When receiving unemployment benefits
The data show that the compensation rate for insured unemployed singles is considerably higher than for uninsured unemployed singles. At the income level AW75, which represent the common wage worker, Faroe Islands followed by Denmark have the highest compensation rates in both groups. However, in the lowest income group (see database), the compensation rate is lower for insured unemployed singles than for non-insured unemployed individuals in the Faroe Islands. The reason for this is that for non-insured unemployed people, the benefit is a fixed amount that does not depend on previous income.
The two graphs with calculated compensation rates for single persons compare the income level after receiving unemployment benefit for either insured or un-insured based on the income level from work. The income level compared is at 75% of the average wage.
The level of the compensation rate for insured people depends first and foremost on the amount of the daily cash benefit in relation to previous income. For the lowest previous income levels without children (see compensation rates for all income levels), the compensation rate is highest in Norway for single persons and in Denmark and the Faroe Islands for couples.
For families with children the compensation rates are higher than for families without children. This is partly explained by whether a child supplement is payable, as is the case in Finland and Norway. In addition, the amount of both housing benefits and charges payable for day-care institutions are adjusted in relation to income. This is important in relation to the level of compensation for both insured and non-insured people and helps to ensure a high level of compensation for single parents. In Iceland, day-care charges are not adjusted according to income, but depend on labour market activity and marital status. Thus, there are lower charges for unemployed. In Sweden, day-care is only allowed three hours a week for the unemployed, and from the age of three, these hours are free of charge. This reduces expenses and thus affect the compensation rate.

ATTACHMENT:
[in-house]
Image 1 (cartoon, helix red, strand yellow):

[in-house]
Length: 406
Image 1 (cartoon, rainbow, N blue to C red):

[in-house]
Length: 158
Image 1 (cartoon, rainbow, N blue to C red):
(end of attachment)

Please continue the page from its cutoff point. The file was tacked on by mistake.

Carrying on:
Another explanatory factor for families with children having higher compensation rates than families without children is the child allowance, an income per child that is not affected by becoming unemployed.
Please refer to the section on Unemployment, for more specific information on rules in each of the Nordic countries.
The graph shows the calculated compensation rates for single person with children comparing the income level after receiving unemployment benefit for insured based on the income level from work. The income level compared is at 75% of the average wage.
The calculated compensation rates shown in the two graphs for couples compare the income level after receiving unemployment benefit for insured with the income level from work. The income levels compared is at 75% of average wage for parent on benefit and 100% of the average wage for the other parent. The calculation is equivalized with respect of size of family to secure comparability.